George’s inability to step up in the fourth could hurt Rivers’ case more. By the time Game 7 hit, expecting the former Thunder and Pacers star to be the savior seemed unreasonable given how the playoffs had gone for him. That meant Rivers needed to extract all the defense possible out of the team, since the burden would eventually fall on Leonard to produce late in the game.
The Bucks and Clippers firing their coaches might be a bit risky heading into seasons so important. For all the gripes raised about the Clippers lack of chemistry, bringing in someone other than Rivers means installing a new system and building new relationships between coach and player. With Rivers back, Los Angeles can at least learn from their mistakes in the 2019-20. The Bucks face a similar problem with Budenholzer – what if the new guy isn’t the right fit, and Milwaukee is worse than they’ve been in previous seasons (Which has still been quite good – making round three is hard)? In that case, Antentokounmpo is out whether he adjusts his game or not, and he’ll likely be justified.
Yet, if you sit Rivers and Budenholzer down and ask them what happened, any answer that doesn’t blame themselves feels scape-goatish, and probably makes you wonder why you shouldn’t fire them right then and there.
There are changes that need to be made in both franchises that don’t have anything to do with who’s on the bench. As mentioned above, even if Milwaukee adjusted defensively, got a healthy Antentokounmpo and was able to beat Miami, problems were on the horizon. First, an adjusted defense still wouldn’t have made up for Miami’s performance on that end, where a combination of Bam Adebayo, Jae Crowder and Andre Iguodala not only walled Antentokounmpo off but stopped him in man-to-man sets. Crowder simply went head-to-head with the two-time MVP and won, despite being five inches shorter.
Teams are able to figure out how to defend Antetokounmpo drives once they have the time to prepare for it. In the regular season, a team is playing Dallas – per se – two nights before Milwaukee, have an off day and then have an 1.5 hour practice to prepare for Milwaukee’s basic sets, rather than creating a complicated defensive scheme involving walls to stop Antentokounmpo. It was easy for the Bucks to ride him in the regular season – no team had time to get as creative as it takes to stop him.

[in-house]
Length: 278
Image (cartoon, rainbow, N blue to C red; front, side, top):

Miami did though, because they took care of Indiana in timely fashion and had only one opponent to focus on during their off period. The playoffs are a conglomeration of information and personnel bull-rushing the opponent with everything it has. Teams key in on every rotation, every play and every lineup of their lineup and know how to stop it. That just doesn’t occur during the frantic regular season.
When Miami hit Antentokoumpo with the wall in addition simply to absurd effort and overall defense, he froze because he didn’t have a counter. There’s no off-the-dribble shot creation in his game, because his jump-shot has proven weak even after an offseason of work in 2019 and because his handle just isn’t that tight (Which, to be fair, is a tough skill to master when you’re that big – we need to appreciate Kevin Durant more).
It’s likely time for a shifting in Antentokounmpo’s game, at least in the playoffs. There’s no doubting that Antentokounmpo is an unstoppable force in the paint, even though he doesn’t play like a center. He gets to those spots by driving instead of posting up, but his presence on tip-ins and plays around the rim is still unguardable on both ends. No one’s been as dominant inside the paint in terms of points and rebounds since Shaq. The numbers Antentokounmpo puts up are staggering.
So in this case, does Shaq need his Kobe Bryant? Connect the dots. Bryant was one of the game’s most gifted scorers ever – any shot was his, whether it be off the dribble, off the catch, driving, you name it. Shaq couldn’t get those shots. Neither can Antentokounmpo.
Obviously, only one player in the NBA currently exists that’s better than Bryant, and he isn’t teaming up with Antentokoumpo any time soon. But the point remains that Antentokounmpo needs a creator next to him – someone that’s more efficient and simply better than Eric Bledsoe is on the offensive end. He’s not only got to be a good enough passer to get Antentokounmpo entry passes, but also be a player good enough to help push Milwaukee to the Finals next year.
Chris Paul figures to be on the move once again, and while he’d be perfect for the Bucks (Rumors have already linked Milwaukee to him), there’s practically no trade that exists that would make sense for both parties. Oklahoma City is clearly entering a rebuild, and wouldn’t want to take back an Eric Bledsoe-type as he carries a $16.8 million cap hit next year and will be 31 by the time the season starts. Milwaukee moving anyone else would be a surprise, as they represent themselves as core pieces or don’t have the salary to cover for Paul’s $38.5 million cap hit. The Bucks lack assets too – Donte DiVencenzo is the only Buck that would make sense for the rebuilding Thunder, but his rookie deal is only worth $2.9 million next year. Him and picks doesn’t satisfy the CBA.